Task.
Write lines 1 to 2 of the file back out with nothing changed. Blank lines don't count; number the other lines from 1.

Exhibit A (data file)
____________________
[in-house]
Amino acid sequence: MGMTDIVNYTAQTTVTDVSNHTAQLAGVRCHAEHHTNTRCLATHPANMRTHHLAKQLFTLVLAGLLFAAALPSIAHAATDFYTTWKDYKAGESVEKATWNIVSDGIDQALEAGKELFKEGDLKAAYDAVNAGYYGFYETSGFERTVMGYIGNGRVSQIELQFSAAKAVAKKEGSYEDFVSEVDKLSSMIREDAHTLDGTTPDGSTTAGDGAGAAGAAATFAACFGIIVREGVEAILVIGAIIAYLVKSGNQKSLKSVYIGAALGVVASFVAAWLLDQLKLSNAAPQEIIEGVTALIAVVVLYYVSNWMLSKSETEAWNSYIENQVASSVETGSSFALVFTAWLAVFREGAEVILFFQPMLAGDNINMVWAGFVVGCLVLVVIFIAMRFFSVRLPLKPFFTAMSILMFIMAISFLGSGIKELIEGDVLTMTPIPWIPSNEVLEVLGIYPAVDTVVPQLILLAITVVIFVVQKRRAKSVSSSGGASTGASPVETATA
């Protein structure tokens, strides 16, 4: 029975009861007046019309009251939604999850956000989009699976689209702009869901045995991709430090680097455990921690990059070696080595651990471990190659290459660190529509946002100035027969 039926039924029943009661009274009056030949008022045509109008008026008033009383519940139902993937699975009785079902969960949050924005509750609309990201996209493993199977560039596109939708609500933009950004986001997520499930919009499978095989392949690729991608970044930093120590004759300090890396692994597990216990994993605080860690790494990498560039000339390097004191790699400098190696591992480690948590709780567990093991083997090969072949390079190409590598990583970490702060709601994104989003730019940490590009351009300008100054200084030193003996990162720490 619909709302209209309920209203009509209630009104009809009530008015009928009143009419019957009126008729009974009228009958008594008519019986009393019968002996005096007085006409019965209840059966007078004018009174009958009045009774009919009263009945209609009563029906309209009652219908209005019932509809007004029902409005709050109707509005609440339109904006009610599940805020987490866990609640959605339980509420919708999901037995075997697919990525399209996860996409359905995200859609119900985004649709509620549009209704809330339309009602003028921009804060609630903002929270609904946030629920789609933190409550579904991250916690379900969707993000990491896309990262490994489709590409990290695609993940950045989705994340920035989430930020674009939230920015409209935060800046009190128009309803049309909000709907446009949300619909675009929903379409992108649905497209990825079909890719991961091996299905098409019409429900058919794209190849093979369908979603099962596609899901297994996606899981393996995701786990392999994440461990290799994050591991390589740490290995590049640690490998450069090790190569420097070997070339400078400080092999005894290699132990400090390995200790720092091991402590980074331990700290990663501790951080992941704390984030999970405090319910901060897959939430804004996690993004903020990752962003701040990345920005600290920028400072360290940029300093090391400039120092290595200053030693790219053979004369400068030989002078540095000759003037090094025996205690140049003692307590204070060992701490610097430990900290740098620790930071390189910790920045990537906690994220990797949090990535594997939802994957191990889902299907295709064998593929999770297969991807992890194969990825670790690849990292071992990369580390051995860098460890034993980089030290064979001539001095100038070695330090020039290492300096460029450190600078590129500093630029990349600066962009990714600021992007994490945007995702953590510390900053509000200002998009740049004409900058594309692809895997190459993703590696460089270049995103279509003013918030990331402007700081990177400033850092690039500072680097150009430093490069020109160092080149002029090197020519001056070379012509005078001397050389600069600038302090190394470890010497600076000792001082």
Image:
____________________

[in-house]
Amino acid sequence: MGMTDIVNYTAQTTVTDVSNHTAQLAGVRCHAEHHTNTRCLATHPANMRTHHLAKQLFTLVLAGLLFAAALPSIAHAATDFYTTWKDYKAGESVEKATWNIVSDGIDQALEAGKELFKEGDLKAAYDAVNAGYYGFYETSGFERTVMGYIGNGRVSQIELQFSAAKAVAKKEGSYEDFVSEVDKLSSMIREDAHTLDGTTPDGSTTAGDGAGAAGAAATFAACFGIIVREGVEAILVIGAIIAYLVKSGNQKSLKSVYIGAALGVVASFVAAWLLDQLKLSNAAPQEIIEGVTALIAVVVLYYVSNWMLSKSETEAWNSYIENQVASSVETGSSFALVFTAWLAVFREGAEVILFFQPMLAGDNINMVWAGFVVGCLVLVVIFIAMRFFSVRLPLKPFFTAMSILMFIMAISFLGSGIKELIEGDVLTMTPIPWIPSNEVLEVLGIYPAVDTVVPQLILLAITVVIFVVQKRRAKSVSSSGGASTGASPVETATA